The situation in Cambodia, affirmed Mr. Maurits Van Pelt, Director of the MoPoTsyo Centre, has many parallels with Nepal. Nine out of ten people with diabetes are without care. His presentation on Diabetes & Peer Educator Networks was also focused on involving local stakeholders. The underlying principle of the peer educator network is that the former diabetic patients themselves educate others. Detected patients are provided with counselling on lifestyle and coping skills. “It’s like a death sentence to have diabetes in Cambodia.” The patients have to report their progress to their Manager every month, make an appointment with accredited doctors and go through follow-up. More people are self-screening these days and health expenses have decreased. The advantages of the network are manifold: it can open new markets without overload to official health services, restore health and productivity, facilitate earlier diagnosis and care, reduce costs and increase adherence, empower links with professional health service providers, create inter-sector taskforces, and promote financial sustainability. Notwithstanding the challenge of reinforcing formal education and governance, Mr. Van Pelt concluded, peer educators are more credible and have stronger incentives to genuinely promote lifestyle changes. This can be a new defence mechanism of affordability, where ownership of care is shared. “The aspect of changing roles is a particularly interesting factor in promoting participation,” he added, “because those who were once patients alter their perspective by helping others as peer educators.”
Dr. ND Niklaus Labhardt, of the Swiss Tropical Institute, introduced the role of nurse-driven care for hypertension and diabetes in rural Cameroon. Eight semi-rural districts, eight district hospitals, four peripheral physician clinics and seventy five non-physician clinics (NPCs) were included in the study. Nurses were trained for three days and equipment and initial stocks of drugs for NPC facilities were provided. The study was integrated into daily activities, with neither incentives nor additional salary. It was incorporated into the regular pharmacy of the centre. As a result of the study, facilities equipped to measure blood pressure increased from 65% to 100% and fasting plasma glucose (FPG) from 14% to 70%. A significant decrease in systolic blood pressure (SBP) was observed. The overall outcome was proven positive. Mr. Labhardt described the purpose of the study as improvement by proportionate interventions and retention of hypertensive and/or diabetic patients NPC facilities. A treatment contract plus invitation letters or incentives were used as strategies to encourage participation. The incentive group had four months of appointments and one month of treatment for free; the letter group received an invitation letter for missed appointments. He concluded that care of uncomplicated hypertension and diabetes type two can become part of the routine in nurse-led primary health care. It has proven to be feasible and therefore there is no reason for separating it. Whereas supply of drugs and blood glucose strips remains difficult, the main challenge is staff retention.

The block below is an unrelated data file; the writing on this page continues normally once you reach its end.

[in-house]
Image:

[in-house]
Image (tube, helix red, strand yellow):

From the Non-Communicable Disease Department of the World Health Organization (WHO), Ms. Janet Voute, strongly supported the three speakers’ views. “You have all proven that by using these innovative strategies there is the need for the human capital to help treatment.” She appreciated the point made by the speakers that the issue is not only the price of medicines and admitted that this is a very important issue that needs to be communicated to the global health policy makers. Partnership is a crucial pillar of the non-communicable (NCD) action plan of the WHO. “What they do is very connected to what you talked about at regional and community level.” Finding it regrettable that the issue of non-communicable diseases does not receive sufficient attention even though they are a prevalent cause of mortality in many countries, Ms. Voute stressed the necessity of creating a network with the relevant communities as part of a development agenda.